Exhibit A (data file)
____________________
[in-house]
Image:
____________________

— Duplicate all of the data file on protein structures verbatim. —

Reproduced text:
[in-house]
Image: